Six bidders submitted plans Tuesday to redevelop 57 acres of land and water on Harbor Island, across from Lindbergh Field.
One team proposes a $2 billion aquarium and vertical farm complex. Another wants to build a local history dinner theater.
The San Diego Unified Port District staff plans to select which teams to interview the week of Jan. 11 and to recommend one or more finalists in March. The agency could instead issue a second round of development requests to potential bidders.
The port expects its chosen project to generate more than the $2.3 million the agency collects annually from rental car companies, which are relocating next month to a new facility off Pacific Highway at the eastern end of Lindbergh Field.
The agency asked bidders to consider building one or more hotels, a new port headquarters building, office space for military or maritime businesses, new parkland and retail and restaurant space.
Whatever is ultimately chosen will require extensive environmental review and approval by the port board and the California Coastal Commission. It’s not expected that any new major development would open before 2020.
The bidders were identified as:
▪ Janez Properties, a San Diego-based real estate consultant.
▪ OliverMcMillan, a San Diego-based residential and commercial developer whose website lists dozens of projects in various stages of development.
▪ Pacific Coast Historical Dinner Show, an Imperial Beach startup.
▪ Sunroad Enterprises, a San Diego-based developer of car dealerships, marinas and various commercial ventures.
▪ Topgolf International, a Dallas-based operator of 31 golf entertainment complexes.
▪ Tripp Development, a Cambria-based residential and small commercial development company.
Rick Tripp, principal in his Central Coast company, shared his bid package, which calls for an ambitious complex he valued at $2 billion and could take seven years to build. “We’re looking at something dramatically different with some of the 50-some acres of the redevelopment site,” Tripp said.
He proposes a 700,000-square-foot “San Diego National Aquarium,” which would make it the largest in North America and designed on the same order as the iconic Sydney Opera House in Australia.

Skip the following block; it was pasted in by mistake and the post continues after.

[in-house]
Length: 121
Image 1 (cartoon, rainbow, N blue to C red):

On either side would be a total of 2 million square feet of “vertical urban agriculture” operations in a pyramid and arch as much as 300 feet high. Crops of all kinds would be shipped from the site, justifying its bayfront location, Tripp said.
Other features include three hotels with 1,400 rooms; a people mover to the airport and a San Diego Trolley stop; a 500-foot-high “sky spire” observation ride; a 70-foot-wide promenade along the waterfront; and shops and restaurants to serve a projected 3 million annual visitors.
Tripp said if he makes the interview stage, he will tell the port that he has international investors “pretty well squared away” and will nail down development partners if selected.
Zach Shor, real estate vice president for Topgolf International, said his company wants to build a facility on 8 to 15 acres where 1,000 guests would hit golf balls to targets and find out instantly how far they traveled.
The 65,000-square-foot building complex would cost about $30 million and include food and beverage services. The company just opened its 24th facility at Virginia Beach and hopes to open 11 more in 2016. “We thought this is is amazing opportunity to get close to the urban core of San Diego, capture all of South County, and build a flagship, top golf venue for the whole San Diego market,” Shor said.
The third bidder who shared his concepts, Roger Benham, said he has formed a team of about 10 members to build an aircraft-hangar style theater facility on about 10 acres of the Harbor Island site to serve about 1,200 guests. “We feel there is a great need for this type of entertainment,” Benham said.
The port previously planned to lease 9 acres for a 500-room hotel on the peninsula’s elbow but combined that bid with the rental car property.
Sunroad, which operates a marina on Harbor Island, was turned down on a third port lease opportunity for a 175-room hotel elsewhere on Harbor Island when the Coastal Commission tied the venture to a request that the port set aside land nearby for low-cost, overnight visitor accommodations, like a campground or youth hostel.
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